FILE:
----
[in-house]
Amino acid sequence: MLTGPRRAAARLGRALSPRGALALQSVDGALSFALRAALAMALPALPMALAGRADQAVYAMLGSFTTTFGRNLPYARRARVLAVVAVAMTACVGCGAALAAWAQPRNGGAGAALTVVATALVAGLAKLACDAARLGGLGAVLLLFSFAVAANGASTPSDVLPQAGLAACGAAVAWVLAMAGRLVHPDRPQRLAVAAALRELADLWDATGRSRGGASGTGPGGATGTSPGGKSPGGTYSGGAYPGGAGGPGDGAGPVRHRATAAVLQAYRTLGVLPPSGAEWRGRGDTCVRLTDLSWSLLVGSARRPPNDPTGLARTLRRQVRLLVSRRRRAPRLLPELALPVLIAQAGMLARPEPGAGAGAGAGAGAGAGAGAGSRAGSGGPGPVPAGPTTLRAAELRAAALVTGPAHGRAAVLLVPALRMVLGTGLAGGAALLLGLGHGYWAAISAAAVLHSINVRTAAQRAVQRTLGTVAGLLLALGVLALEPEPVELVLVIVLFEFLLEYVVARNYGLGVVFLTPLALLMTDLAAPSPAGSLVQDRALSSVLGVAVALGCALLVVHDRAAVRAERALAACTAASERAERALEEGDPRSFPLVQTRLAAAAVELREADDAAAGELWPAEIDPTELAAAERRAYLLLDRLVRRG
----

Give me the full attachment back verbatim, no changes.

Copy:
[in-house]
Amino acid sequence: MLTGPRRAAARLGRALSPRGALALQSVDGALSFALRAALAMALPALPMALAGRADQAVYAMLGSFTTTFGRNLPYARRARVLAVVAVAMTACVGCGAALAAWAQPRNGGAGAALTVVATALVAGLAKLACDAARLGGLGAVLLLFSFAVAANGASTPSDVLPQAGLAACGAAVAWVLAMAGRLVHPDRPQRLAVAAALRELADLWDATGRSRGGASGTGPGGATGTSPGGKSPGGTYSGGAYPGGAGGPGDGAGPVRHRATAAVLQAYRTLGVLPPSGAEWRGRGDTCVRLTDLSWSLLVGSARRPPNDPTGLARTLRRQVRLLVSRRRRAPRLLPELALPVLIAQAGMLARPEPGAGAGAGAGAGAGAGAGAGSRAGSGGPGPVPAGPTTLRAAELRAAALVTGPAHGRAAVLLVPALRMVLGTGLAGGAALLLGLGHGYWAAISAAAVLHSINVRTAAQRAVQRTLGTVAGLLLALGVLALEPEPVELVLVIVLFEFLLEYVVARNYGLGVVFLTPLALLMTDLAAPSPAGSLVQDRALSSVLGVAVALGCALLVVHDRAAVRAERALAACTAASERAERALEEGDPRSFPLVQTRLAAAAVELREADDAAAGELWPAEIDPTELAAAERRAYLLLDRLVRRG